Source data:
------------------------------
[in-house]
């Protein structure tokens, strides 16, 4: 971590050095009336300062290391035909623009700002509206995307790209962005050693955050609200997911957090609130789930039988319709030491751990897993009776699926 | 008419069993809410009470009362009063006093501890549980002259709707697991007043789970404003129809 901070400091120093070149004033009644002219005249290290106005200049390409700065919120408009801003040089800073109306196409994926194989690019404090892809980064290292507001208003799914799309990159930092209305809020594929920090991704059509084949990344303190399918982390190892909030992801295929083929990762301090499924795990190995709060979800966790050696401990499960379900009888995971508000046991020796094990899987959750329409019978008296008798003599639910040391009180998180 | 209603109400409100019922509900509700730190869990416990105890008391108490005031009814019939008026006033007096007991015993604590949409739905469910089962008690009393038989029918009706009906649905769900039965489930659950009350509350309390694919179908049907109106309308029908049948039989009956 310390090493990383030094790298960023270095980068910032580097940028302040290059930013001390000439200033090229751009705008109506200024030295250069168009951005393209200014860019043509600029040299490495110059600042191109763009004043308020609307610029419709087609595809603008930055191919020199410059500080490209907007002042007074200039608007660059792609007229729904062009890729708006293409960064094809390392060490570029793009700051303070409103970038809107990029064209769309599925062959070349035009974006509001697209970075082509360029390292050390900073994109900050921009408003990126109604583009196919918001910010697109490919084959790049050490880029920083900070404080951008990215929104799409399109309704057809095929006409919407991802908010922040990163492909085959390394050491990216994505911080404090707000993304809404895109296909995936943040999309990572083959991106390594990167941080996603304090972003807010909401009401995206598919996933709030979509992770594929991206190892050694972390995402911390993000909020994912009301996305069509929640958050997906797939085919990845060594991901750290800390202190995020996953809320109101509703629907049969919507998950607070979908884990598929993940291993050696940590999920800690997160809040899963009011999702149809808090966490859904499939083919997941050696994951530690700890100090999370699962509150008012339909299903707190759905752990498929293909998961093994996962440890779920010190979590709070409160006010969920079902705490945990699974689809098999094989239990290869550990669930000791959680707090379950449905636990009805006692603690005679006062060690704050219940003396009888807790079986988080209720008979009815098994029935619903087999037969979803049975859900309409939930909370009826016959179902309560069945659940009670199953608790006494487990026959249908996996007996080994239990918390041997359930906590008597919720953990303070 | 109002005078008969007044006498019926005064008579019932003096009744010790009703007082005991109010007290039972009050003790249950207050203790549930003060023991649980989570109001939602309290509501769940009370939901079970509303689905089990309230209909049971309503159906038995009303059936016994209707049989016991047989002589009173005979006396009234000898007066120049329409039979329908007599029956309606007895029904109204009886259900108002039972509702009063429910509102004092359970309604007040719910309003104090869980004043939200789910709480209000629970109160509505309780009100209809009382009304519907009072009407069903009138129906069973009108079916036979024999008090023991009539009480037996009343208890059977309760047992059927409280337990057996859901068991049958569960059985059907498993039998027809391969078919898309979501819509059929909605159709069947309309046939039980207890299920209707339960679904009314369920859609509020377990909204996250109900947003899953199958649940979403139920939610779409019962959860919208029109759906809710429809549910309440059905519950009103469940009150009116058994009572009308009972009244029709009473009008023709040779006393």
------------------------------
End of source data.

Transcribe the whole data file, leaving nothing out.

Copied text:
[in-house]
């Protein structure tokens, strides 16, 4: 971590050095009336300062290391035909623009700002509206995307790209962005050693955050609200997911957090609130789930039988319709030491751990897993009776699926 | 008419069993809410009470009362009063006093501890549980002259709707697991007043789970404003129809 901070400091120093070149004033009644002219005249290290106005200049390409700065919120408009801003040089800073109306196409994926194989690019404090892809980064290292507001208003799914799309990159930092209305809020594929920090991704059509084949990344303190399918982390190892909030992801295929083929990762301090499924795990190995709060979800966790050696401990499960379900009888995971508000046991020796094990899987959750329409019978008296008798003599639910040391009180998180 | 209603109400409100019922509900509700730190869990416990105890008391108490005031009814019939008026006033007096007991015993604590949409739905469910089962008690009393038989029918009706009906649905769900039965489930659950009350509350309390694919179908049907109106309308029908049948039989009956 310390090493990383030094790298960023270095980068910032580097940028302040290059930013001390000439200033090229751009705008109506200024030295250069168009951005393209200014860019043509600029040299490495110059600042191109763009004043308020609307610029419709087609595809603008930055191919020199410059500080490209907007002042007074200039608007660059792609007229729904062009890729708006293409960064094809390392060490570029793009700051303070409103970038809107990029064209769309599925062959070349035009974006509001697209970075082509360029390292050390900073994109900050921009408003990126109604583009196919918001910010697109490919084959790049050490880029920083900070404080951008990215929104799409399109309704057809095929006409919407991802908010922040990163492909085959390394050491990216994505911080404090707000993304809404895109296909995936943040999309990572083959991106390594990167941080996603304090972003807010909401009401995206598919996933709030979509992770594929991206190892050694972390995402911390993000909020994912009301996305069509929640958050997906797939085919990845060594991901750290800390202190995020996953809320109101509703629907049969919507998950607070979908884990598929993940291993050696940590999920800690997160809040899963009011999702149809808090966490859904499939083919997941050696994951530690700890100090999370699962509150008012339909299903707190759905752990498929293909998961093994996962440890779920010190979590709070409160006010969920079902705490945990699974689809098999094989239990290869550990669930000791959680707090379950449905636990009805006692603690005679006062060690704050219940003396009888807790079986988080209720008979009815098994029935619903087999037969979803049975859900309409939930909370009826016959179902309560069945659940009670199953608790006494487990026959249908996996007996080994239990918390041997359930906590008597919720953990303070 | 109002005078008969007044006498019926005064008579019932003096009744010790009703007082005991109010007290039972009050003790249950207050203790549930003060023991649980989570109001939602309290509501769940009370939901079970509303689905089990309230209909049971309503159906038995009303059936016994209707049989016991047989002589009173005979006396009234000898007066120049329409039979329908007599029956309606007895029904109204009886259900108002039972509702009063429910509102004092359970309604007040719910309003104090869980004043939200789910709480209000629970109160509505309780009100209809009382009304519907009072009407069903009138129906069973009108079916036979024999008090023991009539009480037996009343208890059977309760047992059927409280337990057996859901068991049958569960059985059907498993039998027809391969078919898309979501819509059929909605159709069947309309046939039980207890299920209707339960679904009314369920859609509020377990909204996250109900947003899953199958649940979403139920939610779409019962959860919208029109759906809710429809549910309440059905519950009103469940009150009116058994009572009308009972009244029709009473009008023709040779006393």